soundoff (14 Responses)
  1. J. Jean F. Emile

    I was truly touched by this particular report. Poor girl 6 months pregnant and selling her body on the streets. I am always saddened by any kind of human trafficking and am really happy that CNN has taken it upon themselves to bring this sad sad problem to the forefront. JE

    March 31, 2011 at 12:55 pm | Reply
  2. Torben Marer

    Sure Sweden think they made the right decision, but the sad truth is that there are at least ten times more young girls being raped in Sweden, than in Denmark, nobody is talking about this problem?? and many swedes visits" the brothel" of Scandiania.

    Even judges and the highes police boss in Sweden got caught with buying sex. Good moral is nice but dobble moral is dobble as good,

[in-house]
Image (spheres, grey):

Of course we should protect women who has been forced into prostitution. But some really choose there way of living by themselves.

    March 31, 2011 at 3:23 pm | Reply
  3. Drew4U

    A good solution to help stop this problem is that all foreigners must keep their passport on them at all times, this way you will not be able to be used in any manner the pimps want to control you with the passport. A person caught with other people passports jailed and prosecuted as a criminal trafficker with a minimum time of 5-7 years, now the pimps will leave that country and if caught trafficking all your money, bank accounts, cars are sold and all you have is given to the victims. Give the pimp a polygraph test to uncover other victims.

    March 31, 2011 at 6:09 pm | Reply
    • Anthony Adoghe

      Drew, where are you from? you are obviously very myopic and ignorant in your reasoning. Most times, its better to read and learn from others; you are not obliged to write down a comment. You have, and too sad you have shown the world how exposed to this topic you are. Now do us all a favour and read!!!

      April 2, 2011 at 7:59 am | Reply
  4. ma & pa